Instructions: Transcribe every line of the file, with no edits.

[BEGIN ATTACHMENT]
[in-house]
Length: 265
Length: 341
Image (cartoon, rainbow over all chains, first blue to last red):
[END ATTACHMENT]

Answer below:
[in-house]
Length: 265
Length: 341
Image (cartoon, rainbow over all chains, first blue to last red):